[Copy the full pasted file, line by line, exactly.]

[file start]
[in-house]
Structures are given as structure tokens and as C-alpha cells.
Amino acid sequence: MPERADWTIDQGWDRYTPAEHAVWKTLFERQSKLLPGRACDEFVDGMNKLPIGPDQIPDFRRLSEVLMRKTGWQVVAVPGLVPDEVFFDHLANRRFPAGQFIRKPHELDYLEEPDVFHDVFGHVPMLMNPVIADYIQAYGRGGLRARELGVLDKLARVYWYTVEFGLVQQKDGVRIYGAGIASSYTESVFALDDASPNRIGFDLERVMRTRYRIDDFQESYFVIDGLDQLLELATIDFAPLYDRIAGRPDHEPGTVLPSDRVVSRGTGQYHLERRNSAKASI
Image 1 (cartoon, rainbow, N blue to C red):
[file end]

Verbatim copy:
[in-house]
Structures are given as structure tokens and as C-alpha cells.
Amino acid sequence: MPERADWTIDQGWDRYTPAEHAVWKTLFERQSKLLPGRACDEFVDGMNKLPIGPDQIPDFRRLSEVLMRKTGWQVVAVPGLVPDEVFFDHLANRRFPAGQFIRKPHELDYLEEPDVFHDVFGHVPMLMNPVIADYIQAYGRGGLRARELGVLDKLARVYWYTVEFGLVQQKDGVRIYGAGIASSYTESVFALDDASPNRIGFDLERVMRTRYRIDDFQESYFVIDGLDQLLELATIDFAPLYDRIAGRPDHEPGTVLPSDRVVSRGTGQYHLERRNSAKASI
Image 1 (cartoon, rainbow, N blue to C red):